Lobbying Dos And Don’ts

A legislative staffer outlines the right and wrong ways of working with lawmakers’ offices.

 
 

Still a useful tool for helping credit unions improve lobbying techniques, this article originally ran in Callahan & Associates’ 3Q 2009 Credit Union Strategy And Performance (CUSP), a quarterly report on the industry.

Legislative aide John Alex Golden, who has worked on the House side of Capitol Hill for several years, gives some perspective on how to affect legislation. He is now the legislative aide to Virginia House of Delegates Member David Englin.

Should someone expect to see the legislator?

JAG: At the state level, almost certainly; it never hurts to ask to speak to the legislator directly if he or she is available. That said, you shouldn’t be disappointed talking with one or more legislative aides, who are often as well versed on your issue as the legislator. Establishing good relationships with aids is an important part of your long-term lobbying efforts.

What is crucial to know about coming to see a legislator?

JAG: It’s really important to have done your homework. Know the status of the bill you want to discuss: the bill’s name, its number, the committees it’s in, its co-sponsors and the like. It’s also a good idea to know the law concerning such things as lunches and fund raising for your state. In Virginia, for example, legislators cannot raise money during the legislative session, and they have to report certain gifts and lunches they receive during the session.

Do lawmakers prefer emails or hardcopy letters?

JAG: Both. Write a nice and personal hardcopy letter. But paper gets lost, so follow up with an email to the same subject, because electronic data is saved more efficiently than paper. Email is probably the better form with which to include data that supports your case.

How can someone make the most of their meeting with a lawmaker?

JAG: Explain how the issue affects the lawmaker’s district. Try to have data on how your position will help the lawmaker’s district, city or county, and state. If you are visiting state capital offices, try to have the person making the visit be from the lawmaker’s district.

Are lawmakers open to suggestions for language for a bill?

JAG: This is often helpful, but be mindful that state bills are often filed very early in legislative sessions; in Virginia, for example, we’re limited to introducing only five bills once the session actually starts.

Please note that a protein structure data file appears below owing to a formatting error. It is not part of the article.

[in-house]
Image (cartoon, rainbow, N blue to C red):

What do lawmakers’ visitors often miss?

JAG: Yes, and often they are small things. It’s really important to show up on time. Everyone in a legislative office ends up with very tightly orchestrated days. In this regard, research where an office is, where you are going to park, and how you are going to get around so you can be sure to arrive on time. Stop at the receptionist’s desk and announce yourself rather than marching past. You don’t have to dress to the nines, but you don’t want to be too casual either.

Even if you are passionate about an issue – and most people who see us are – don’t be confrontational. We are dealing with thousands of bills in a short time and sometimes we haven’t yet heard of your particular point of view. Expect some back-and-forth, because we want to get to the heart of issues, but don’t be afraid to say you don’t know the answer to a question and that you will get back to us about it – you don’t want to make up answers or numbers on the spot and end up giving legislators misleading information.

What about follow-up?

JAG: Definitely follow up. Send a follow-up email about the meeting, what you hoped to get accomplished, and what was discussed; include any useful information not already given. And here’s a final thought: Send a thank-you card. Of the hundreds of meetings I had last session, one was with a person on the opposite side of an issue from our office. But he took the time to send a hand-written note thanking me for the meeting and giving me his contact information. Little things like that can have an impact.

 

 

 

Nov. 12, 2009


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